This is the time of the year that most people look back at the past twelve months and think of the things they have accomplished and the things they want to do in the upcoming year.Using Einstein’s definition of insanity about doing the same things and expecting different results, the corollary should be “Do something different and expect different results.” That only makes sense, right?
I don’t know about you, but I am not the best at keeping New Year’s Resolutions. I’m not even the best at making New Year’s Resolutions.
Each morning, I have a couple of web sites I go to. This is my version of reading the morning newspaper, although without the comics or cross-word puzzle. The other morning, one of my go-to sites directed me to read an article on New Year’s Resolutions written by David G. Allan as part of The Wisdom Project. (https://www.cnn.com/2018/12/18/health/micro-resolution-wisdom-project/index.html)
He begins by acknowledging that most people start out with good intentions, but along the way – life happens. “Willpower is in short supply. We loose focus. Things change.” What happens to all of us – and certainly has happened to me.
So David chose to define 12 “micro-resolutions”. They were one-month long, each one being accomplished during one month of the year. There were criteria used in order to choose the resolution for each month. His criteria was based on things he needed to give up or cut back on, or things he was afraid he was dependent upon.
In other words, his resolutions were of the “giving up” type rather than “do more of” type. In his article, David shares 12 months of his resolutions. His reasons for choosing what he did. The challenge of defining what he meant when he choose a month-long restriction. (Does dried fruit count as a “sweet”?) His article gave me quite a bit to think about.
Many of the month-long choices David made I could relate to. Weight related, philosophical and my personal favorite, giving up “stuff that doesn’t spark joy.” Wouldn’t it be nice to really be joyful in life?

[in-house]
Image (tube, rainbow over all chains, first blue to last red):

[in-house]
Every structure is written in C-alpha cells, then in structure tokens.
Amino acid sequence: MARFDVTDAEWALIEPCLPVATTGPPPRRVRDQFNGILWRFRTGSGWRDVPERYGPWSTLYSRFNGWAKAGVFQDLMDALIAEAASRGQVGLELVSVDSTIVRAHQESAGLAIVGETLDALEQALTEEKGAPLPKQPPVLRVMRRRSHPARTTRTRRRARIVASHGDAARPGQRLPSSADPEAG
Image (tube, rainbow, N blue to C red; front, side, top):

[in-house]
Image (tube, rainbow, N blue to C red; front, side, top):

I want that in my life. I want to be able to achieve these results. And I could come up with 12 things to either give up or to strive for — and how hard could 30 days be to actually stick to a resolution? (Draw a little smiley face here – we all know that it isn’t that easy!)
However, I found myself arguing a bit with David’s concept. I prefer positive rather than negative reinforcement. I like to DO something, rather than eliminate something else from my life. But even re-working the wording to a positive had me resisting a bit. So I ask myself, am I resisting the method or the concept of resolutions in general? And why?
Because Resolutions are often not kept through a year, I wonder if my resistance to writing any resolution is because I don’t want to fail. Or perhaps I just don’t want to stop doing that particular thing. Or I’m just being stubborn? (It runs in the family.)
Whatever the reason, many years ago, I decided to stop giving things up for Lent and started something positive. I feel New Years’ Resolutions should be the same. Instead of “stop eating sweets” I prefer “change to fresh fruit for dessert.”
The important part of David’s article for me was the concept of a shorter time line. 30 days is much more achievable than an entire year. And mixing it up with a choice of 12 Resolutions: I get to go on to something else in just a few short weeks.
As I have been thinking about both my Bucket List and my 2019 Resolutions, I wanted to accomplish two things. The first was to find a way to do something different than I’ve done in the past. For one thing, if it was different, I should be able to expect different results, right? And sometimes, the sheer act of making the effort creates the outcome.
The second thing I wanted to do was to share this with someone. And the someone was you. Whoever reads this. And you can do anything you want with this information – use it, think about it, laugh at it, ignore it. But I have already accomplished one thing with my Resolutions and Bucket List. Check!
I wish each of you a Happy Holiday Season and hope that you stay safe wherever you are. Take a little time to enjoy your life and this season.
And may next year bring each one of us something very special.